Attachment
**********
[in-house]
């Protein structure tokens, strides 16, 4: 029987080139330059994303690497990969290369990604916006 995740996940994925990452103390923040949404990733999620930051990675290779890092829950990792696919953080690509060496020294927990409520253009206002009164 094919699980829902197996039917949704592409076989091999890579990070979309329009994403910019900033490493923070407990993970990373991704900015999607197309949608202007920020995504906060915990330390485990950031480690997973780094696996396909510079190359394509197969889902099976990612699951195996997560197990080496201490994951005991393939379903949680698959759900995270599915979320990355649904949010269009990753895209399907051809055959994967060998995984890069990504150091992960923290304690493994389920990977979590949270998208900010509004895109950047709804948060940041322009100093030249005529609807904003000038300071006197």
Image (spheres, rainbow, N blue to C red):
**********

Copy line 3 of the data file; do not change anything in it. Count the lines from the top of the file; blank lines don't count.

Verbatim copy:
Image (spheres, rainbow, N blue to C red):